Milk Guard is a rugged, self-contained prototype testing kit designed for vets to conduct vital microbiology tests for Indian dairy farmers without needing a lab.

What technology does it use?

The kit uses simple, low-cost microcapillary technology (‘tiny test tubes’) to simplify testing and improve AntiMicrobial Resistant (AMR) surveillance, leading to more effective use of antibiotics. This is supported by mobile and digital technology that will enable us to automate and scale up diagnostic tests as we develop the service.

Who is it for?

Milk Guard is primarily designed for use by vets (and paravets where appropriate) to help dairy farmers in India. It will also benefit other key groups from local communities, the biotech industry and policy.

Why it’s needed

Mastitis is a significant problem in India’s dairy herds, affecting milk production and quality, farm economics and animal welfare (Smith, et al., 2001). In India, the disease is estimated to account for nearly 70% of the losses incurred during milk production, costing the country over Rs. 7165 crores (circa £765,000,000) annually (Bansal and Gupta, 2009).

It also threatens food safety and the farming communities’ own health and wellbeing.

In India these issues are also important:

  • Cases of mastitis in dairy farms are increasing
  • No quick tests are available to profile mastitis pathogens before selection of antibiotic for treatment, leading to overuse of antibiotics
  • Cases of AMR mastitis pathogens are increasing
  • There is only one veterinary office per 10,000 people
  • Dairy farms in rural India are typically small and family run, with 1–5 cows
  • People live in close proximity to infected animals
  • People are drinking unpasteurised milk direct from cattle

Collaboration

Milk Guard has been developed collaboratively by a team of researchers and designers who have been working with vets and specialists in West Bengal to understand their underlying needs and the challenges of controlling mastitis infections in cattle farms through a creative and people-centred research process.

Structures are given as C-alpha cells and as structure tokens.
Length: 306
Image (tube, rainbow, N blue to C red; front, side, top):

The team leaders, Dr Al Edwards and Anne Odling Smee, met at Reading University where Anne was presenting design work associated with an Antimicrobial Resistance programme that her company, Design Science was working on in Rwanda called Beating Bag Bugs. Dr Edwards had developed a novel technology for testing antimicrobial resistance in veterinary medicine and had set up a start up company, CFT, to support its development and recognised the opportunity to use this technology to provide a mobile AMR testing kit for resource-poor settings where traditional laboratory services were expensive and slow.

Funding for the initial proof of concept development was provided by Innovate UK and the team set out a programme of discovery and development that would take place in West Bengal during 2020.

Co-designed development

As the scale of the Covid-19 Pandemic grew, we adjusted our working methods to make use of digital tools including Microsoft Teams and Whatsapp messaging so that we could continue to work collaboratively and also share our work and listen to the needs of the West Bengal Vets. Dr Partha Ray led our relationship with the West Bengal veterinary community and has been instrumental in helping us to understand the issues that affect their work.

“If this kit works properly it will bring a revolution in the dairy industry globally” Vet from West Bengal who took part in our initial user research

Dr Edwards has been supported by his research team at Reading University, including Dr Sarah Needs, who’s postdoctoral research focuses on miniaturising antimicrobial resistance testing for use in healthcare settings.

Long term goal

The only way to cure mastitis is to treat cattle with the right antibiotics within a few hours after diagnosis, but antimicrobial resistance is a growing problem across our farms:

  • Many mastitis pathogens are resistant to common antibiotics
  • Existing antibiotic sensitivity tests are too slow to guide better antibiotic selection

This is leading to poor treatment of Mastitis and contributing to overuse of the wrong antibiotics.

Our long-term goal is to tackle the challenge of rising AMR levels that leads to reduced milk production through hard-to-treat mastitis in dairy cattle (cutting family income), and untreatable human infections.